Tyson Team Members with LULAC PresidentIn the four months I been here I have learned so much more about Tyson Foods and quite honestly I was blown away by all the work Tyson puts into giving back to the community. I personally never experienced hunger, but like many families in a tough economy, at times money gets tight and we all have to cut back on spending. Thankfully my parents were always working hard to make sure we always had meat on the table, not just bread but meat. My father in his early years was a butcher and his father before him was a butcher too; the importance of protein as a part of a daily meal was always very clear to them.

On my very first week of my internship with Tyson Foods I was sent to Las Vegas. There the company had paired up with LULAC  (League of United Latin American Citizens) and was making a donation of protein to the local food bank.  The donation was of 38,400 pounds of protein! This donation was to feed more than 100,000 Nevadans fighting hunger.

When I came back to work, the Tyson team was gearing up for yet another donation and more work around creating awareness about food insecurity, and also continuing to giving more help to Moore, Oklahoma. Little by little I discovered a new face of Tyson, the human, caring face of Tyson Foods.

My parents have always inculcated the values of being a good neighbor and giving back. To me giving back is a much greater gift. When you give back to the community you are making a change, a visible, tangible, change. Through this internship I have learned that Tyson Foods isn’t just about chicken, or beef or pork for that matter; it’s about people.

Monsanto, ADM and the fight against hunger. A good partnership?

Before I go further, let me state the following is my personal opinion, not necessarily that of Tyson Foods, or anyone else in the company.

I ran across a post on my Facebook news feed yesterday from Feeding America talking about their Invest an Acre partnership with Monsanto, ADM, and the Howard Buffett Foundation, in which they’re encouraging farmers to pledge an acre of their production, the benefits of which would go to Feeding America.
The comment section was lit up.  Massive flames.  The gist: Feeding America has sold out to the evil empire of Monsanto.  Shame on them.  Boycott.  Occupy.
Let me offer a different perspective (and I can speak with some authority):  Corporations are not monolithic empires.  The most successful ones—and no matter your opinion of Monsanto, it is successful, as is Feeding America—are made up of  diverse collections of people. They don’t all think and act alike. Each and every day their cultures evolve, influenced by this diversity.
The hunger relief community has the capacity to influence the culture within Monsanto (again, I speak with some authority).  Much more so than Monsanto has the capacity to influence Feeding America.   But they can’t do it if they’re lobbing nuclear bombs.
If you truly care about hunger relief, you should want the people who drove the Feeding America partnership (and I’ve never met any of them) to be successful within Monsanto.  They’re the progressive thinkers within the company.  They’ll have their naysayers (one would hope not many), stating, “This is an exercise in futility. There’s no way our company benefits from this.”  Let me suggest that blanket invective only gives support to the naysayers and diminishes the influence of those who advocate for positive change.  Do we want that?
If you truly care about hunger relief, you should want the thousands of farmers who use Monsanto products and sell to ADM to be engaged in the issue.  They’re in the business of feeding people, and they do it quite well.  If their energy, intelligence and innovation can be rallied around the issue of hunger, there’s enormous capacity to move the needle.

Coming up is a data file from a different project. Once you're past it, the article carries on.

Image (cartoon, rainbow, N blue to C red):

I don’t agree with everything Monsanto has done and stands for.  But I do believe condemning Feeding America for engaging them and America’s farmers in the fight against hunger—a positive step—is counterproductive.
Flame-retardant suit donned.

 

 

Let’s talk

 

 

 

by Ed  Nicholson

Last week I was in a meeting with a major national non-profit organization.  It’s a great organization, that’s doing notable work toward its very worthy cause.   It’s full of thought leaders at the highest level. 
The representatives meeting with me described a complex national strategy to address the issue at hand.   One that was going to take the buy-in, cooperation, and financial commitment of a wide variety of stakeholders: government representatives, corporate partners, foundations and thousands of individual donors.
When I asked them about their online plans to take this strategy to their stakeholders, I drew a blank.
Their online communications strategy is the exclusive property of their marketing group–whose objectives are to create brand awareness and raise donations.
Not that there’s anything wrong with that, but…
They have thought leaders.  They have a strategy.  They have a message.
What would they have to lose by letting some of their thought leaders discuss that strategy online?

 

photo by PinkMoose–Creative Commons. Flickr

Who’s sticking their nose in your business?

 

       

 

                                                                                                 image davi sommerfeld  Creative Commons–flickr

 

By Ed Nicholson

Sorry for the week’s hiatus.  I was out talking about social media last week–instead of participating in it. 

At Tyson, we’ve been involved in hunger relief for nine years.  Well, actually for the first couple of years, we weren’t really involved–we just threw money and food at it.  Just like all the other good work "campaigns" we’d ever done before. 
But then an interesting thing happened.  We started visiting foodbanks during donations; getting to know their work.  We went to conferences, and heard a diversity of inspiring speakers.  Our employees started doing hunger relief work in their own communities. 
In the process, we became engaged.  Hunger relief has become an important part of what we’re doing as a company.
But sometimes it does complicate the relationship we have with our non-profit partners.
Now that we have some time invested in the issue, we have opinions.  We ask questions.  Sometimes we challenge conventions. Some might see it as interfering where we don’t belong.   We’re not always right, but we’re engaged. 

So here’s your chance to  voice an opinion and help us become better partners.  Please comment:   Where do we draw the line between contributing and meddling?  Should we produce food and leave the strategic work to the experts?  If you’re a non-profit, does it aggravate you that someone from the outside would presume to tell you how to do your job?  Would it be a better world if ultimately corporations were not even involved in social issues? 
 
You know I love dissent.  So let me have some.